EYESHENZHEN  /   Opinion

The future for Chinese soccer

Writer: Debra Li  |  Editor: Jane Chen  |  From: Shenzhen Daily  |  Updated: 2022-03-14

About 10 days after China's National Men's Soccer Team lost to Vietnam on Feb. 1, the first day of the Chinese New Year, the Chinese Football Association imposed a new salary cap on the country's top-earning footballers, stipulating that the maximum annual salary of 5 million yuan (US$779,000) would be further lowered to 3 million yuan before tax.

The move, some hope, will work as a punishment for the ill-performing players and push them to reflect on their faults and train harder.

In contrast, the Chinese women's soccer team, who earned much less than the male players, won the AFC Women's Asian Cup title for the ninth time within a 16-year span, and achieved the victory just a few days after the men's insulting defeat.

This makes people wonder: Why can't we find 11 out of 1.4 billion who can do the job? Why do women outperform men in Chinese soccer?

To be honest, men's soccer and women's soccer work on different systems and mindsets in China. While men's soccer is trying to build itself into a commercial market-oriented game, women's soccer has little influence on the society and depends on the hard work and passion of women and coaches who love this game. Less competitive and supposedly not as spectacular on the pitch as played by men, women's soccer worldwide has a much smaller fanbase and revenues from tickets, broadcasting rights and endorsements.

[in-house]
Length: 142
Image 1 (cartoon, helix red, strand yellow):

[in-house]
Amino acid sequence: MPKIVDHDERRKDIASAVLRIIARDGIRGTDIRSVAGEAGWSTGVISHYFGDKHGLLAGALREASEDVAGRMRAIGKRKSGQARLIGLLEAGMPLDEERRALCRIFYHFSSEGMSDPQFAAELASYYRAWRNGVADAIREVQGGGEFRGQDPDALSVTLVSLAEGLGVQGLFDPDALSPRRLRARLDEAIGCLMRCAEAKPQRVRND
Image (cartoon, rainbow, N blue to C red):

The theory is, if capital and investment pour into a certain industry, it will start a boom. This didn't seem to work out for Chinese men's soccer, which is understandable because we lack talents in this field, and it takes time to train talents. More importantly, every successful sport has a huge fanbase and has people avidly training in the sport from their early childhood.

In Iceland with a population of 335,000, there is a football field for every 1,000 people and there's a standard pitch where matches can be played for every 2,000. While in China, the official plan for 2025 is for every 11,111 people to have a pitch. It's a common scene in European nations to see a group of young people run to the community soccer fields after work, which is rather rare in China.

When you look at table tennis, on the other hand, where Chinese players reign in the world and competition is fierce at the domestic level, things are totally different. There are even ping pong tables downstairs at my home and kids play the game after school every day.

It's also true that not many Chinese parents encourage their kids to participate in soccer, which requires hard work and teamwork to excel and lacks the stardom of successful players in individual sports.

While the United States embraces basketball, American football, baseball and ice hockey, European countries embrace football. The time and energy of people in a certain country are limited, and it's just impossible for every sport to thrive in a market with limited resources. China is already very strong in table tennis, badminton, women's volleyball, and many individual sports, it is also improving in men's basketball, so who says we need to excel in everything?

Although, with continuous attention and efforts invested in it, we have reason to believe that Chinese soccer will gradually improve.

(The author is a Features Department editor of Shenzhen Daily.)